I’m tired of tech-bashing posts, articles and videos aimed at parents. The reason it bothers me so much is that it blames technology for family problems rather than challenging us to look in the mirror at the real problem. Technology is serving the role of both the babysitter and stable significant other for many kids. It’s not the child’s fault and it’s not tech’s fault. Kids are the victims of family angst. Tech is the fall-guy.

A lack of relationship skills is at fault. Primarily, the skill — or value — of reconciliation. We tell our kids to say sorry when they hurt someone and to forgive people when they apologise, but we often struggle to do this ourselves. Children do what we do, not what we say.

Values are caught not taught. I had a little guy in for a chat this week who I called a ‘silly monkey.’ He laughed and said, “That’s my nickname — Monkey!” And it reminded me of the three monkeys — one covering its eyes, one covering its ears, one covering its mouth. And it reminded me of my Mum shaking her head as I did another crazy thing because my friends did. “Monkey see, monkey do!” she said time and time again. We learn from watching, hearing and repeating what we see others do. We’re just like those silly monkeys!

Photo Credit
I have three kids that love their parents and each other. As a family, we regularly laugh together, play board games together, eat together and chat for hours. That said, they love their tech (as do I!) and have been tech-kids since they were in nappies. The oldest coordinated mouse-in-hand to cursor-on-screen when he was just two-years-old. He’s been at it since. Today he’s almost halfway through a Computer Science Degree in which he’s thriving. Boy two is in his first year of a Data Science Degree and thinks it’s awesome. He’s also a WOW legend! Our daughter, a budding florist, strengthens her skills by watching her favourite YouTubers and learns one creative thing after another from Pinterest, Instagram and other social media.

Dad (that’s me) has been a blogger for nearly two decades and a YouTuber (that’s what the kids at school call me! lol) for just over a decade. In just the past year, more than half-a-million people have read/listened to my content. Crazy, eh?

Tech isn’t the problem. It also isn’t the reason my kids are awesome. And, they are awesome!

They got a good start at being great people because their parents choose to suffer and succeed together. We fall. We get up. We apologise. We forgive. We mean it. We learn from our mistakes. We grow stronger. And we do these things privately, publicly and honestly — in front of our kids. They know what stupid mistakes look like. They know what huge belly laughs feel like. They apologise quickly. They forgive eagerly. They move on. Because they’ve seen it work. Loving and lovable people are good at forming and reforming relationships. Relationships are built on the ability to make things right — that’s reconciliation.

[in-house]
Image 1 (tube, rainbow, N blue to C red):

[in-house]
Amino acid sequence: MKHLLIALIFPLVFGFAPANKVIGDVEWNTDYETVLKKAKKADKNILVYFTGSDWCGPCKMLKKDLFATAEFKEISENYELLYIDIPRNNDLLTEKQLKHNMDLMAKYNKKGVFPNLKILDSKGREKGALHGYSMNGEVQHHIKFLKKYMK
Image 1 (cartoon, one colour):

To whom do you need to apologise?

Whom do you need to forgive?

Do it. Regularly.

Let the monkeys see it and hear it — and soon they will say it too.

Monday, June 25, 2018

Resilience Reservoirs are Filled by Sharing Your Story-Well


Stories from the story-well of your own life and the lives of others fill your resilience reservoir. The stories you pour into your children’s story-well will be drawn from for the rest of their lives.


Here are four categories of stories about yourself that are guaranteed to help your kids:

Success Stories — Your achievements from childhood, teenage years and adulthood.

Failure Stories — Things you tried, failed and learned from.

Unexpected Surprises — Unplanned things that shaped you. People. Events.

Unexpected Crises — Unfortunate events that shaped you. Accidents. Illness. Loss.


Along with these stories, make sure to include how that event shaped you for better or worse. Stories of both wins and losses are important. They show our kids that real people have real lives, just like them.

Next, expand the circle of influence to include your parents and siblings (your kid’s grandparents, aunts and uncles) and tell the same four kinds of stories from their lives. Better even, ask your extended family to tell the stories from their own perspective. You may want to prepare some key questions based on stories you know your parents and siblings are willing to tell. Prompt them for their stories with a few of your memories.